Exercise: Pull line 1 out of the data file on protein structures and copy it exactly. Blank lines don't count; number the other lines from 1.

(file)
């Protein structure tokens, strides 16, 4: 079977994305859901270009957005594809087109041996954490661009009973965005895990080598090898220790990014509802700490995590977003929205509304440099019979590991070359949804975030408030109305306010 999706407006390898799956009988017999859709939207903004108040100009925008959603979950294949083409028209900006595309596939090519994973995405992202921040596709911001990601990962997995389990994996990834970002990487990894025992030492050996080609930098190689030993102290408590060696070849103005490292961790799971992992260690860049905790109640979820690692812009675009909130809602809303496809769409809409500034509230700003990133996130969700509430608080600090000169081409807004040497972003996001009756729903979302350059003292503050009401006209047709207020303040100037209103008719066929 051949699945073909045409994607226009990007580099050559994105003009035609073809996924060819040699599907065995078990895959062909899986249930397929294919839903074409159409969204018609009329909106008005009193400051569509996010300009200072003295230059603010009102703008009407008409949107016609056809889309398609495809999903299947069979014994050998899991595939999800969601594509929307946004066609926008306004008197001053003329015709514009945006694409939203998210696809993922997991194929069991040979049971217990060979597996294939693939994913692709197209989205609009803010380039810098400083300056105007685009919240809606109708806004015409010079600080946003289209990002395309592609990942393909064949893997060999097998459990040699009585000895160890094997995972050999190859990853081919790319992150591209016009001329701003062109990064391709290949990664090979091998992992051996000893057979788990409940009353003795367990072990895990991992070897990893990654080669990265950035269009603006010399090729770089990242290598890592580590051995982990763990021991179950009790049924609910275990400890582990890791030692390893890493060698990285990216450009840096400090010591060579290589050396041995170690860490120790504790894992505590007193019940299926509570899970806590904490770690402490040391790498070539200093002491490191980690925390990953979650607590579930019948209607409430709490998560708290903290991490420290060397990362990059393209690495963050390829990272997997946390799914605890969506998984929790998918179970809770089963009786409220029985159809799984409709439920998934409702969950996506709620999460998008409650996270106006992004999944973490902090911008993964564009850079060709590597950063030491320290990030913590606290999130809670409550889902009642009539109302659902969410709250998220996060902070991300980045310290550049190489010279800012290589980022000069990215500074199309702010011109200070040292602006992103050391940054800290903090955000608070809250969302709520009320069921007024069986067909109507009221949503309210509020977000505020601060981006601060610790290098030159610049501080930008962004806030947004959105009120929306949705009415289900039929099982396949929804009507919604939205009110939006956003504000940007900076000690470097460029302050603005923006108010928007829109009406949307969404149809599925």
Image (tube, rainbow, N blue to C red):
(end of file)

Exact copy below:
């Protein structure tokens, strides 16, 4: 079977994305859901270009957005594809087109041996954490661009009973965005895990080598090898220790990014509802700490995590977003929205509304440099019979590991070359949804975030408030109305306010 999706407006390898799956009988017999859709939207903004108040100009925008959603979950294949083409028209900006595309596939090519994973995405992202921040596709911001990601990962997995389990994996990834970002990487990894025992030492050996080609930098190689030993102290408590060696070849103005490292961790799971992992260690860049905790109640979820690692812009675009909130809602809303496809769409809409500034509230700003990133996130969700509430608080600090000169081409807004040497972003996001009756729903979302350059003292503050009401006209047709207020303040100037209103008719066929 051949699945073909045409994607226009990007580099050559994105003009035609073809996924060819040699599907065995078990895959062909899986249930397929294919839903074409159409969204018609009329909106008005009193400051569509996010300009200072003295230059603010009102703008009407008409949107016609056809889309398609495809999903299947069979014994050998899991595939999800969601594509929307946004066609926008306004008197001053003329015709514009945006694409939203998210696809993922997991194929069991040979049971217990060979597996294939693939994913692709197209989205609009803010380039810098400083300056105007685009919240809606109708806004015409010079600080946003289209990002395309592609990942393909064949893997060999097998459990040699009585000895160890094997995972050999190859990853081919790319992150591209016009001329701003062109990064391709290949990664090979091998992992051996000893057979788990409940009353003795367990072990895990991992070897990893990654080669990265950035269009603006010399090729770089990242290598890592580590051995982990763990021991179950009790049924609910275990400890582990890791030692390893890493060698990285990216450009840096400090010591060579290589050396041995170690860490120790504790894992505590007193019940299926509570899970806590904490770690402490040391790498070539200093002491490191980690925390990953979650607590579930019948209607409430709490998560708290903290991490420290060397990362990059393209690495963050390829990272997997946390799914605890969506998984929790998918179970809770089963009786409220029985159809799984409709439920998934409702969950996506709620999460998008409650996270106006992004999944973490902090911008993964564009850079060709590597950063030491320290990030913590606290999130809670409550889902009642009539109302659902969410709250998220996060902070991300980045310290550049190489010279800012290589980022000069990215500074199309702010011109200070040292602006992103050391940054800290903090955000608070809250969302709520009320069921007024069986067909109507009221949503309210509020977000505020601060981006601060610790290098030159610049501080930008962004806030947004959105009120929306949705009415289900039929099982396949929804009507919604939205009110939006956003504000940007900076000690470097460029302050603005923006108010928007829109009406949307969404149809599925």